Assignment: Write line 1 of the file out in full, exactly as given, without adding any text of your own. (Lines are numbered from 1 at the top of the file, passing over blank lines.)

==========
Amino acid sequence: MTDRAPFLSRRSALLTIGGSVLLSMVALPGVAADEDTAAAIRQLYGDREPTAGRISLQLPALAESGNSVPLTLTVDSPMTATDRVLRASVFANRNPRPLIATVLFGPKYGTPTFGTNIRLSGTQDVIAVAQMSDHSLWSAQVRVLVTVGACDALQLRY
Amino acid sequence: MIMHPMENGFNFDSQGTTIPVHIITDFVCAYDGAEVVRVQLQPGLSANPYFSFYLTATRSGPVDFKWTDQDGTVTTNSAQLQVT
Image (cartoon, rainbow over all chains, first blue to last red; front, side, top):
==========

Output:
Amino acid sequence: MTDRAPFLSRRSALLTIGGSVLLSMVALPGVAADEDTAAAIRQLYGDREPTAGRISLQLPALAESGNSVPLTLTVDSPMTATDRVLRASVFANRNPRPLIATVLFGPKYGTPTFGTNIRLSGTQDVIAVAQMSDHSLWSAQVRVLVTVGACDALQLRY